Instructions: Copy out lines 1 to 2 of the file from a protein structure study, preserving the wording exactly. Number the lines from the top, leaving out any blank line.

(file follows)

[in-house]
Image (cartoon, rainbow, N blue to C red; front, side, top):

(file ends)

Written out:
[in-house]
Image (cartoon, rainbow, N blue to C red; front, side, top):